by Gary Hellman
The Karate Way
Doubleday, April 2001.
Picture Book, 32 pages.
Ages 6 and up
A young boy tells the story of how his life is transformed by karate in this inspirational tale by martial arts master Gary Hellman. Intimidated by his new teacher at school, "Killer Miller," the little boy worries about a new activity that his mom has signed him up for after school the next day -- she won't say what it is. He hopes it's not football (he's not strong enough), or tennis (he's not fast enough) or basketball (he's not tall enough). When he gets to the class, he immediately likes the instructor, who has a big smile and is called "Sensei." Gradually, the boy learns self-confidence, and he gains enough strength, speed and flexibility to do any sport he wishes.
Gary Hellman tells an upbeat and inspirational story which young boys and girls are sure to relate to. The concepts taught in karate -- respect for elders, especially the Sensei, that martial arts are only to be used for self-defense, and the building of self-confidence -- are all important issues for children to learn. The simple drawings by author are cheery and colorful, and add to the appeal of the book, which should be a hit with the 5 and up set.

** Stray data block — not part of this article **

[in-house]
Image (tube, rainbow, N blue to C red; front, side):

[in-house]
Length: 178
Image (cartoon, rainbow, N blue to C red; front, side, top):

The Karate Way is available for purchase on Amazon.com
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This review was published in the June, 2001 of The Internet Writing Journal.
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